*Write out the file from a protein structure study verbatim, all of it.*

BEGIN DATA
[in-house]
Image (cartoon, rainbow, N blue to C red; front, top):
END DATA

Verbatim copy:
[in-house]
Image (cartoon, rainbow, N blue to C red; front, top):